In July 2004 JSOC set up a secure intelligence center at a former Iraqi air base in Balad, about fifty miles north of Baghdad. There JSOC requisitioned a hangar and instead of installing a warren of cubicles, only a few offices were created along the hangar’s walls. Work was done out in the open on long tables within the hangar’s cavernous enclosure, and the free flow of information was encouraged between those cleared to work there. At the same time, field operations were restructured to make rapid response a top priority.

The breakthrough in the hunt for al-Zarqawi came on May 18, 2006. An interrogation report of a detainee contained detailed information about Zarqawi’s spiritual advisor, Shiekh Abd al-Rahman, including his Baghdad address, and that he regularly visited Zarqawi every seven to ten days.

An around-the-clock watch of Rahman’s home by reconnaissance drones was instituted and every aspect of his movements tracked and recorded. As days became weeks, pressure began building to make a move on Rahman.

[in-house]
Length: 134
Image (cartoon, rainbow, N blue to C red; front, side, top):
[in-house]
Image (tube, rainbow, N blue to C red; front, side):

Abu Musab al-Zarqawi

Felled palm trees and rubble fill the crater of the former safe house of Abu Musab al-Zarqawi in Hibhib, Iraq. An airstrike to the house killed al-Zarqawi and a group of his associates June 7, 2006. U.S. Army photo by Sgt. Zach Mott, 3rd Heavy Brigade Combat Team, 4th Infantry Division Public Affairs Office

On the morning of June 7, 2006, an operator observed al-Rahman’s car on a major highway heading north out of Baghdad. At one point the car pulled off to the side of the road. Al-Rahman exited and transferred to an approaching truck. Alerts went out to other members of the team. At Baqubah, al-Rahman transferred to a white pickup with a red stripe that drove him to a box-like two-story house near the town of Hibhib. Shortly after 5 p.m. an operator watching the video feed from a drone called out. A heavyset man dressed in black was observed checking traffic on the frontage road before returning to the house.